Drowning in too many questions during a webinar can be avoided if you apply Brittany’s suggestions to your webinar preparation. But readying yourself doesn’t end there. Brittany offered 4 “during-the-webinar” tips that can help you manage the deluge of information you’re bound to encounter.
#4. Eliminate Distractions
Rookie mistakes – I’ve had my fair share. One of the worst: distractedly looking at email notifications while producing Adobe Connect webinars. (Yes, “webinars” – plural. You’d think I’d learn…) Looking at emails can easily sidetrack your focus.
Brittany explained the problem:
“If you see an email pop up, even if it’s just a notification, you lose a couple of important moments looking at it, and by the time you’ve turned back to the webinar, you may have questions piling up. “ – Brittany G.
The issue extends to any application that might wrench your attention from the webinar. Make sure to close down all of your apps before the webinar starts. Minimizing or closing apps help to cut down on information overload from the start.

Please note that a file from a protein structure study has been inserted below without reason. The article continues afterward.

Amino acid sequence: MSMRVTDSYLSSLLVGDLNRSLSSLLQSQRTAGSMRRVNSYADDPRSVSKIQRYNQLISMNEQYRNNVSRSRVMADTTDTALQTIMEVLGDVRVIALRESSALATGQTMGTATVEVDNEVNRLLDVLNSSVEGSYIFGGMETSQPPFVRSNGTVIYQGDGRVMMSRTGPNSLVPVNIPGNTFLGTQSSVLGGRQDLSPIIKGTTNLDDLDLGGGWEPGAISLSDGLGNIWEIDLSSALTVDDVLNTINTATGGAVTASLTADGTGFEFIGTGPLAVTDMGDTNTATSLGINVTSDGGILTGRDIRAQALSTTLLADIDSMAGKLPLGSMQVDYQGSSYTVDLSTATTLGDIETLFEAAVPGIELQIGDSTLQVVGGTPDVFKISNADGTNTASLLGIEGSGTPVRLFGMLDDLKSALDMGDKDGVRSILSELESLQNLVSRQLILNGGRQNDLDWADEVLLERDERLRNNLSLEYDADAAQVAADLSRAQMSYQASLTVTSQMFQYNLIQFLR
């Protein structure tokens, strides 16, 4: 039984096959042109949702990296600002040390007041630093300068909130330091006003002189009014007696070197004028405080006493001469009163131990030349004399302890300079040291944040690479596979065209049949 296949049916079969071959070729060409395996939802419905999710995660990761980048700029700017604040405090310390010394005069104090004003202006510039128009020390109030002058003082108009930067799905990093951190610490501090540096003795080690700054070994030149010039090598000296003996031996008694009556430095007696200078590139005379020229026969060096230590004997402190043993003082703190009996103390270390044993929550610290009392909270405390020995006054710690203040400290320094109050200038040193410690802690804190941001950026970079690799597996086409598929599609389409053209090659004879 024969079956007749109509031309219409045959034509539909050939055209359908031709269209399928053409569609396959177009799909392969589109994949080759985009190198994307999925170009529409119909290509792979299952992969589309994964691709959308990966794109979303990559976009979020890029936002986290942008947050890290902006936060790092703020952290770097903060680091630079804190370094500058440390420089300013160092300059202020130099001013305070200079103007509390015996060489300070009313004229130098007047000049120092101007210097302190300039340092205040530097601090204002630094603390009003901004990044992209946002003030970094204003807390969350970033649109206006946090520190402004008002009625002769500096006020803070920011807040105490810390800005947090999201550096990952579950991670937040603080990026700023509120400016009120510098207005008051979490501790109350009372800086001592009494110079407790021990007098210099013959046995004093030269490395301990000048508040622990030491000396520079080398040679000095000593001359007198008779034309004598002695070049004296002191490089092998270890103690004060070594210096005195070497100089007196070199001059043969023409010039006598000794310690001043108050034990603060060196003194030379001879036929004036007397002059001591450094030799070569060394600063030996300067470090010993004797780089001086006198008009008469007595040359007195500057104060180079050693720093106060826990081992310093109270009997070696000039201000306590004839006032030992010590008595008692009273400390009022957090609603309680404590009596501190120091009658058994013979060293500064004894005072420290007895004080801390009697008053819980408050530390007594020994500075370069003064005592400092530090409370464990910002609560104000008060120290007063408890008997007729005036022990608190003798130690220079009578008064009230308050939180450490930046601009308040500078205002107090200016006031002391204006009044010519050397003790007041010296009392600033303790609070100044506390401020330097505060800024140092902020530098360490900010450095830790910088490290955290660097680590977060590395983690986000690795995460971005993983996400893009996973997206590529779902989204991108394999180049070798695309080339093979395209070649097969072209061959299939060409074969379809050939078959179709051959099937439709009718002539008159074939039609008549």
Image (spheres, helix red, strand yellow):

#5. Have Resources on Hand
One of my favorite tips Brittany has passed along is to keep online resources on hand during webinars.
Why prepare resources? Having resources on hand and ready to distribute can help you provide better answers to your attendees.
“If they are asking a ‘yes’ or ‘no’ question, maybe you give them the simple answer, but then also provide them a resource that further explains the topic they are asking about. I like to open pages that I can pull assets from quickly, knowing those resources can be very helpful and insightful for our audiences.” – Brittany G.